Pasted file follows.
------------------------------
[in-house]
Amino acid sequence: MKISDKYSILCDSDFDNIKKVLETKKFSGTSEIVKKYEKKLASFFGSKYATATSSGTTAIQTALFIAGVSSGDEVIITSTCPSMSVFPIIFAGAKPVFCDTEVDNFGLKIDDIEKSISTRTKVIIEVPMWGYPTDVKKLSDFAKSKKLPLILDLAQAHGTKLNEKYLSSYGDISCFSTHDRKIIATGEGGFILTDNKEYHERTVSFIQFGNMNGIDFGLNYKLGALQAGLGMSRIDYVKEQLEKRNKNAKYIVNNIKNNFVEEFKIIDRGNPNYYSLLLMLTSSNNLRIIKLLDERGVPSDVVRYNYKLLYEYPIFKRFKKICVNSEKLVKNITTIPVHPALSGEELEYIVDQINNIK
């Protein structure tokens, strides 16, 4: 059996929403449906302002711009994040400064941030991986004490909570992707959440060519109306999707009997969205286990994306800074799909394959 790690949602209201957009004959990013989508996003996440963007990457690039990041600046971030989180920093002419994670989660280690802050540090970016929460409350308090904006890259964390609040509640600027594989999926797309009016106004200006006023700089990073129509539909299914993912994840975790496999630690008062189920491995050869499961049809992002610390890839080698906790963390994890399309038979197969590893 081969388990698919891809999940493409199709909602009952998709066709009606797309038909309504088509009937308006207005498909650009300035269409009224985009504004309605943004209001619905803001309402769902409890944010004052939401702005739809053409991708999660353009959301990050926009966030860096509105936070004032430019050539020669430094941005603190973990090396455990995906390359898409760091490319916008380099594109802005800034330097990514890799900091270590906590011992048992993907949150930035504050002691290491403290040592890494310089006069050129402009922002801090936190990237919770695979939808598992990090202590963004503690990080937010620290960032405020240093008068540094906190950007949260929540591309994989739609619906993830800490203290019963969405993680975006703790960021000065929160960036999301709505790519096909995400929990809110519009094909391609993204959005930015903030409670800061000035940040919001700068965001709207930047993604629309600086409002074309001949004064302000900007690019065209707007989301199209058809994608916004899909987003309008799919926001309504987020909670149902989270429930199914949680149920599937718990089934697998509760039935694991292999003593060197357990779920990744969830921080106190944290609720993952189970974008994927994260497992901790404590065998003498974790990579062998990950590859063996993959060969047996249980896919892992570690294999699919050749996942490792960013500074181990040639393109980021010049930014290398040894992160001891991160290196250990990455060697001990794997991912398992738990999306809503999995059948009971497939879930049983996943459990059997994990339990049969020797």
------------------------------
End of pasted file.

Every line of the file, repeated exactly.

[in-house]
Amino acid sequence: MKISDKYSILCDSDFDNIKKVLETKKFSGTSEIVKKYEKKLASFFGSKYATATSSGTTAIQTALFIAGVSSGDEVIITSTCPSMSVFPIIFAGAKPVFCDTEVDNFGLKIDDIEKSISTRTKVIIEVPMWGYPTDVKKLSDFAKSKKLPLILDLAQAHGTKLNEKYLSSYGDISCFSTHDRKIIATGEGGFILTDNKEYHERTVSFIQFGNMNGIDFGLNYKLGALQAGLGMSRIDYVKEQLEKRNKNAKYIVNNIKNNFVEEFKIIDRGNPNYYSLLLMLTSSNNLRIIKLLDERGVPSDVVRYNYKLLYEYPIFKRFKKICVNSEKLVKNITTIPVHPALSGEELEYIVDQINNIK
């Protein structure tokens, strides 16, 4: 059996929403449906302002711009994040400064941030991986004490909570992707959440060519109306999707009997969205286990994306800074799909394959 790690949602209201957009004959990013989508996003996440963007990457690039990041600046971030989180920093002419994670989660280690802050540090970016929460409350308090904006890259964390609040509640600027594989999926797309009016106004200006006023700089990073129509539909299914993912994840975790496999630690008062189920491995050869499961049809992002610390890839080698906790963390994890399309038979197969590893 081969388990698919891809999940493409199709909602009952998709066709009606797309038909309504088509009937308006207005498909650009300035269409009224985009504004309605943004209001619905803001309402769902409890944010004052939401702005739809053409991708999660353009959301990050926009966030860096509105936070004032430019050539020669430094941005603190973990090396455990995906390359898409760091490319916008380099594109802005800034330097990514890799900091270590906590011992048992993907949150930035504050002691290491403290040592890494310089006069050129402009922002801090936190990237919770695979939808598992990090202590963004503690990080937010620290960032405020240093008068540094906190950007949260929540591309994989739609619906993830800490203290019963969405993680975006703790960021000065929160960036999301709505790519096909995400929990809110519009094909391609993204959005930015903030409670800061000035940040919001700068965001709207930047993604629309600086409002074309001949004064302000900007690019065209707007989301199209058809994608916004899909987003309008799919926001309504987020909670149902989270429930199914949680149920599937718990089934697998509760039935694991292999003593060197357990779920990744969830921080106190944290609720993952189970974008994927994260497992901790404590065998003498974790990579062998990950590859063996993959060969047996249980896919892992570690294999699919050749996942490792960013500074181990040639393109980021010049930014290398040894992160001891991160290196250990990455060697001990794997991912398992738990999306809503999995059948009971497939879930049983996943459990059997994990339990049969020797």